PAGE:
5 years ago this week, the Economist published this article. 3G services, it commented, were going to be delayed by the slow development of 3G handsets.
It's time to lift the lid on the area I've been researching for some considerable time - IMS handsets. I'm just putting the finishing touches to a major research study on IMS- and SIP-capable phones. I'll be publishing it in the next week or so, and I'll put some highlights up on my blog (and finally get around to updating the main Disruptive Analysis website....)
Let's just say that the Economist should republish the same article, transposing the term IMS for 3G.
Only this time round, we're not even at the stage of operators standing up and saying "Er..... you know these IMS networks we're deploying? Well, we've got a small problem....."
This morning I did a Google search on a number of IMS-related terms. The results give a pretty clear idea of the relative focus of the industry on the infrastructure, rather than the devices:
"IMS applications" - 63,900
"IMS services" - 61,300
"IMS networks" - 25,400
"IMS handsets" - 103
"IMS phones" - 84
Look at any vendor presentation on IMS, and you'll see a small box in one corner labelled "UE". This is a phone - "User Equipment" in the IMS standards jargon. Now look at the standards that have been developed for these phones. Yes, they've got SIP. And some 3GPP extensions.
Now try & find anywhere that says how these phones should actually work in the hands of the user. How does the "IMS client framework" work with all the other applications on the phone? What are the standards for the user interface - telling the other presence user that your videocamera is switched off, or that the phone's in your pocket & you're using a Bluetooth headset? Does the phone need to be multi-tasking capable if you want several IM sessions, video-sharing and a buddy list working simultaneously? While listening to the MP3 player too? How should it behave differently if it's got WiFi in it? Should the applications be "bearer aware"?
The bottom line is that once phones ship that are properly IMS-capable (probably late 2007-early 2008), we should expect another 2 years of fiddling around trying to get them to be decently useable. Especially as the earliest ones will have operator-proprietary software stacks and applications. Reliable interoperability between handset brands (or operators) for anything other than the most basic push-to-talk or video-sharing applications is a LONG way off. And I haven't even factored in any unexpected problems with battery consumption or end-to-end service latency.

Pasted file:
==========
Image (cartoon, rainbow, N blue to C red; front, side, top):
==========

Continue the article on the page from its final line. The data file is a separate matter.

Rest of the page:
Oh, and if you think this is bad, the news gets considerably worse for IMS proponents.
You see, the comparatively "easy bit" of all this IMS handset software & UI stuff is installing a SIP stack in the phone. That is standardised. And there's a bunch of other good reasons to put SIP in the phone well before "full IMS" is needed - and not just the 3GPP/IMS version of SIP, but the Internet-friendly IETF version as well.
So, well before we get IMS handsets, we have SIP-enabled ones. They're already shipping - the latest versions of Windows Mobile and Symbian OS both include SIP. Future versions of handset Java will as well. Not only that, but 3rd party developers can access the SIP stack, and write their own applications that exploit it. VoIP, or IM, for example. IP-PBX clients. Conferencing tools. Open-Source SMS replacement applications. Cool Web 2.0 stuff. Use your imagination.
These are "Off-portal SIP applications", using mobile devices equipped with "Naked SIP".
I've done the numbers in my new report. I estimate that between now and the end of 2011, there will be, cumulatively, 980m more "Naked SIP" cellphones sold than "Closed IMS" handsets which restrict the user to the operator's billable IMS services.
That's a billion extra mobile devices capable of supporting disruptive non-operator SIP applications, developed by 3rd parties, over the next 5 years.
I've said before that IMS is less a "walled garden" than an "open prison". Well, the inmates have already started jumping over the fence, even before they've been shown to their cells.
The report includes comprehensive market forecasts, analysis of SIP/IMS usage cases and market drivers, and profiles of key handset IMS/SIP companies. It is around 160 pages long, and has been based on well over 100 interviews. If you want to know more about purchasing Disruptive Analysis' new "SIP- and IMS-capable Handsets" report, please email email@example.com